Severe drought is associated with an increased incidence of armed conflict among agriculture-dependent populations in the least developed states. By strengthening the political status and economic well-being of such marginalized groups, conflict risk can be reduced. This is a key finding of a study just published in the Proceedings of the National Academy of Sciences of the United States of America (PNAS) by a team of researchers from Uppsala University and PRIO.

A novel feature of this study is the analytical focus on marginalized ethnic groups with explicit consideration of how local and national socio-political contexts shape drought-induced conflict risk. Studying the conflict involvement of rural populations in Asia and Africa since 1989, the researchers make use of new geo-referenced conflict event data, spatial ethnicity data, and remote sensing-based indicators of agricultural land use and meteorological conditions, as well as various group- and country-specific structural controls. A comprehensive set of statistical models reveals that drought has little effect on the risk of new conflict outbreak. However, in contexts with high political and/or economic vulnerability, a drought significantly increases the risk of prolonging ongoing violence. This finding suggests a reciprocal nature-society relationship in which armed conflict and environmental shock form a vicious circle, each phenomenon increasing vulnerability to the other.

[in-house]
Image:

The article is published as open access and can be accessed for free through the journal's web page.

von Uexkull, Nina; Mihai Croicu, Hanne Fjelde & Halvard Buhaug (2016) Civil conflict sensitivity to growing season drought, Proceedings of the National Academy of Sciences of the United States of America, published online ahead of print DOI: 10.1073/pnas.1607542113.